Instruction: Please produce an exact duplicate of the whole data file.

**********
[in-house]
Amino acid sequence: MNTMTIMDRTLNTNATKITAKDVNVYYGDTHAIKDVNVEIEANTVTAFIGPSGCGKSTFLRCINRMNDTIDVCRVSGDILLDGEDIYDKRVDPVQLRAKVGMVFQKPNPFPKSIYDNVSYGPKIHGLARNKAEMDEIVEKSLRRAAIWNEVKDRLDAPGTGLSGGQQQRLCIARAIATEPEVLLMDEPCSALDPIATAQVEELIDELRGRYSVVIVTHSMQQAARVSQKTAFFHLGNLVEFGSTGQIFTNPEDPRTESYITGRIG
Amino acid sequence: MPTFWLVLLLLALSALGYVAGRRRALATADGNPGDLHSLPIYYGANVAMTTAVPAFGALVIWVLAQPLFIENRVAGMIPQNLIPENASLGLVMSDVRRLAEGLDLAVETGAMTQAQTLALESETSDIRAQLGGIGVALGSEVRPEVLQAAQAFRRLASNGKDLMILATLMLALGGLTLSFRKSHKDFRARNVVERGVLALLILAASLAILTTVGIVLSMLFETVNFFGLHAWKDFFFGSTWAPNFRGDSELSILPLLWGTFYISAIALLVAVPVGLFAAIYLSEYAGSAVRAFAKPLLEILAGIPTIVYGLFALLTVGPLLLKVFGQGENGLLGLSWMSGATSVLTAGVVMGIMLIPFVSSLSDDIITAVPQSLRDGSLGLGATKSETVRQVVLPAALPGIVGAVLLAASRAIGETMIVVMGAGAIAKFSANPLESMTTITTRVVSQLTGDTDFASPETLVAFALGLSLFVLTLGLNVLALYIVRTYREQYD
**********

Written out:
[in-house]
Amino acid sequence: MNTMTIMDRTLNTNATKITAKDVNVYYGDTHAIKDVNVEIEANTVTAFIGPSGCGKSTFLRCINRMNDTIDVCRVSGDILLDGEDIYDKRVDPVQLRAKVGMVFQKPNPFPKSIYDNVSYGPKIHGLARNKAEMDEIVEKSLRRAAIWNEVKDRLDAPGTGLSGGQQQRLCIARAIATEPEVLLMDEPCSALDPIATAQVEELIDELRGRYSVVIVTHSMQQAARVSQKTAFFHLGNLVEFGSTGQIFTNPEDPRTESYITGRIG
Amino acid sequence: MPTFWLVLLLLALSALGYVAGRRRALATADGNPGDLHSLPIYYGANVAMTTAVPAFGALVIWVLAQPLFIENRVAGMIPQNLIPENASLGLVMSDVRRLAEGLDLAVETGAMTQAQTLALESETSDIRAQLGGIGVALGSEVRPEVLQAAQAFRRLASNGKDLMILATLMLALGGLTLSFRKSHKDFRARNVVERGVLALLILAASLAILTTVGIVLSMLFETVNFFGLHAWKDFFFGSTWAPNFRGDSELSILPLLWGTFYISAIALLVAVPVGLFAAIYLSEYAGSAVRAFAKPLLEILAGIPTIVYGLFALLTVGPLLLKVFGQGENGLLGLSWMSGATSVLTAGVVMGIMLIPFVSSLSDDIITAVPQSLRDGSLGLGATKSETVRQVVLPAALPGIVGAVLLAASRAIGETMIVVMGAGAIAKFSANPLESMTTITTRVVSQLTGDTDFASPETLVAFALGLSLFVLTLGLNVLALYIVRTYREQYD